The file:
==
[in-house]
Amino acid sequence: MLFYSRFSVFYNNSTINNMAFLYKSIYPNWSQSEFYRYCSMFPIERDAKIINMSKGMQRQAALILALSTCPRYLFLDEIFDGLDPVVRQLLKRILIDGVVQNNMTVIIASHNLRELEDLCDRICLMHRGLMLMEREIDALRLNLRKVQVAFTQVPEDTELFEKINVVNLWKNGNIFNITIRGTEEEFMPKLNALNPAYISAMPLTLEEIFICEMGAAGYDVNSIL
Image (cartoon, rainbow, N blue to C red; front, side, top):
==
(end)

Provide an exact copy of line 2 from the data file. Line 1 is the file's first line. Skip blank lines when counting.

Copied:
Amino acid sequence: MLFYSRFSVFYNNSTINNMAFLYKSIYPNWSQSEFYRYCSMFPIERDAKIINMSKGMQRQAALILALSTCPRYLFLDEIFDGLDPVVRQLLKRILIDGVVQNNMTVIIASHNLRELEDLCDRICLMHRGLMLMEREIDALRLNLRKVQVAFTQVPEDTELFEKINVVNLWKNGNIFNITIRGTEEEFMPKLNALNPAYISAMPLTLEEIFICEMGAAGYDVNSIL